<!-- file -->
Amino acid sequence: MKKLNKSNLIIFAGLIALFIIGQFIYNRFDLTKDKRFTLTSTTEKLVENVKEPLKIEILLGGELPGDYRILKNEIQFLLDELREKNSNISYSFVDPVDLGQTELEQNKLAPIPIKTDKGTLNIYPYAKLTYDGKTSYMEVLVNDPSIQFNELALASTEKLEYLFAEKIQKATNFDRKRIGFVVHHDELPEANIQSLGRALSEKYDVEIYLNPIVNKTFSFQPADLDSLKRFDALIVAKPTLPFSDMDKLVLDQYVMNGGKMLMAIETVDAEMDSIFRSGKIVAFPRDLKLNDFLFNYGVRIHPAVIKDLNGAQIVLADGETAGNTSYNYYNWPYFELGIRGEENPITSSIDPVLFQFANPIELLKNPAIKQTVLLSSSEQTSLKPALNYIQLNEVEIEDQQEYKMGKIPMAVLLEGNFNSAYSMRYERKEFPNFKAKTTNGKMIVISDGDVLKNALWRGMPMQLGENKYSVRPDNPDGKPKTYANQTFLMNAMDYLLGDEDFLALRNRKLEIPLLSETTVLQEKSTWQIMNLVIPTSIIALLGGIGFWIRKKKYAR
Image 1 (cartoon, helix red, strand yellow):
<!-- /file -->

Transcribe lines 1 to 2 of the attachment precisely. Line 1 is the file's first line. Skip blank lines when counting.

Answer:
Amino acid sequence: MKKLNKSNLIIFAGLIALFIIGQFIYNRFDLTKDKRFTLTSTTEKLVENVKEPLKIEILLGGELPGDYRILKNEIQFLLDELREKNSNISYSFVDPVDLGQTELEQNKLAPIPIKTDKGTLNIYPYAKLTYDGKTSYMEVLVNDPSIQFNELALASTEKLEYLFAEKIQKATNFDRKRIGFVVHHDELPEANIQSLGRALSEKYDVEIYLNPIVNKTFSFQPADLDSLKRFDALIVAKPTLPFSDMDKLVLDQYVMNGGKMLMAIETVDAEMDSIFRSGKIVAFPRDLKLNDFLFNYGVRIHPAVIKDLNGAQIVLADGETAGNTSYNYYNWPYFELGIRGEENPITSSIDPVLFQFANPIELLKNPAIKQTVLLSSSEQTSLKPALNYIQLNEVEIEDQQEYKMGKIPMAVLLEGNFNSAYSMRYERKEFPNFKAKTTNGKMIVISDGDVLKNALWRGMPMQLGENKYSVRPDNPDGKPKTYANQTFLMNAMDYLLGDEDFLALRNRKLEIPLLSETTVLQEKSTWQIMNLVIPTSIIALLGGIGFWIRKKKYAR
Image 1 (cartoon, helix red, strand yellow):